Should you remove the skin from acorn squash?

Quick Answer

It is not necessary to remove the skin from acorn squash before cooking and eating it. The skin is edible and contains beneficial nutrients like fiber. However, some people may prefer to peel acorn squash if the skin is tough or they don’t like the texture. Peeling can also allow seasonings to better penetrate the squash during cooking.

What is acorn squash?

Acorn squash is a winter squash that is round or oval shaped and has distinctive ridges along its exterior. It gets its name from its acorn-like appearance. Other common names for this veggie include pepper squash and Des Moines squash.

Some key facts about acorn squash:

  • It has green skin that turns orange or yellow when ripe.
  • The flesh inside can be yellow, orange, or white.
  • Acorn squash has a sweet, nutty taste.
  • It’s harvested in early fall and available through winter.
  • The average size ranges from 1-3 pounds.

Acorn squash belongs to the Cucurbita genus along with butternut squash, pumpkins, zucchini, and other winter and summer squash varieties. They are native to North and Central America.

Nutrition in acorn squash skin

The skin of acorn squash contains beneficial nutrients including:

  • Dietary fiber – Squash skin is high in fiber, which aids digestion, heart health, and weight management.
  • Vitamin A – This vitamin supports immune function and healthy eyes.
  • Potassium – Potassium helps regulate fluid balance and blood pressure.
  • Various antioxidants – These compounds fight cellular damage from free radicals.

By leaving the skin on, you retain these nutrients in each serving. Fiber is especially concentrated in the skin versus the flesh.

Benefits of leaving the skin on

Here are some of the top advantages to keeping the skin on your acorn squash:

  1. Maximizes its nutritional value – As mentioned, the skin contains beneficial fiber, vitamins, minerals, and antioxidants.
  2. Adds textural contrast – The smooth flesh and tender skin provide textural variety.
  3. Enhances flavor – When roasted, the skin develops a slightly sweet and crunchy taste that adds to the squash’s overall flavor.
  4. Avoids waste – Leaving the nutritious skin on reduces food waste.
  5. Saves prep time – Not having to peel the squash saves time in the kitchen.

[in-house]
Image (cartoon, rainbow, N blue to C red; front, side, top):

Many recipes keep the skin intact to highlight acorn squash’s natural properties. The skin often becomes tender during roasting or baking while providing complementary texture.

Reasons some choose to peel

While the skin is edible, there are a few reasons why peeling acorn squash is preferred in some instances:

  • If the skin seems thick or tough – Older, larger squash may have thicker skin that doesn’t soften well during cooking.
  • To allow seasoning penetration – Removing the skin means spice rubs, oil, etc. directly coat the flesh.
  • For a softer consistency – Those who prefer a spoonable squash dish may want to peel first.
  • If appearance matters – The orange/yellow flesh without skin has a homogeneous look.
  • Personal preference – Some simply don’t like the texture of squash skin.

For purees, soups, or recipes where skin texture doesn’t complement the dish, peeling makes sense. But even then, the skin can be retained for its nutrients by roasting or sauteing it separately to add to the finished dish.

How to peel acorn squash

If you opt to remove acorn squash skin, here are some tips for prepping:

  1. Wash the squash – Give it a good scrub with cool water to remove dirt or wax.
  2. Trim off the ends – Using a sharp knife, slice a thin piece off the stem and blossom ends.
  3. Score the skin – Carefully cut into the skin lengthwise from end to end. Make slashes into the ridges.
  4. Microwave briefly – Heating for 2-3 minutes makes peeling easier.
  5. Cool slightly before peeling – Allow to cool for 5-10 minutes before handling.
  6. Peel with hands or vegetable peeler – Grab edges of skin with fingers and pull pieces off. A peeler also works.